You can get most anything online nowadays, but there are certain brick-and-mortar experiences that are simply irreplaceable. Bookstores — especially children’s bookstores — are one of those things.
For the past 30 years, Cincinnati parents have taken their kids to Blue Manatee for story times, activities and good, old-fashioned snuggles in the store’s comfy corners and crannies. Over the years, Blue Manatee weathered new owners, a name change, the rise of Internet shopping and a significant relocation. But last December, the future of this beloved bookstore hung in the balance. Owners John Hutton and Sandra Gross sent out a desperate call to Cincinnatians asking for someone to take over the Oakley store and its online operations.
Cincinnatians flocked to answer the call: Hutton and Gross received over 160 responses. After much discussion and deliberation, in January, new owners Amanda Kranias and Kevin Kushman took the reins, transforming Blue Manatee Children’s Bookstore into Blue Manatee Literacy Project: a place with purpose.
When Blue Manatee announced it would be closing, did you immediately feel called to respond?
Kevin Kushman (KK): Reading and books have always been part of our family. Our experiences at the original Blue Manatee fostered our kids’ creativity and drove the feelings of nostalgia and disappointment we all felt when we learned the store might close. With so much reinvention of the Madison Road retail corridor, Amanda and I agreed an alternative business model for the store may elevate its presence while preserving its legacy. My proposal focused on expanding the Blue Manatee experience virtually into every neighborhood in Cincinnati.
Blue Manatee is a beloved institution in Cincinnati. Did you feel nervous about taking it on?
Amanda Kranias (AK): I’m still nervous about taking it on! Kevin and I have been entrusted with this Cincinnati gem and both of us are committed to seeing it continue to thrive. Blue Manatee has always been about encouraging children to read; we’re simply implementing new tools and strategies to build on that original passion.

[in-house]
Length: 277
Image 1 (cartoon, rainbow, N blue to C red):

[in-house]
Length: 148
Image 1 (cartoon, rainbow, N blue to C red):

Why reopen BMLP as a nonprofit?
KK: The concept was a result of personal experience working with students for whom a Blue Manatee experience was not only inaccessible, but the foundation in reading skills was often missing. With the wealth of resources available to a bookstore, it just felt right to have BMLP be a nonprofit. It also opened us up to some wonderful partnerships with other nonprofits focused on literacy, young readers and family well-being.
How does the one-for-one book-donation program work?
AK: It’s as simple as purchasing a book through BMLP in the bookstore, website or through an off-site event. For example, every book sold at a local book fair put on by BMLP results in a book being donated. Or if you stop in for story time and purchase a book, you’ve just donated a book that’s purposely matched to an age, cultural and proficiency-appropriate program that will ensure the recipient takes a step forward on their reading journey.
How can the community support BMLP?
KK: One of the most compelling features of BMLP’s structure is that the communities we serve are the true owners of the enterprise. We rely on the community completely for our sustainability, from shopping and buying gift cards to holding fundraisers and school book fairs with us. We rely on Cincinnati parents, grandparents and friends to decide that the convenience of online ordering pales in comparison to using their purchases at BMLP to make a difference.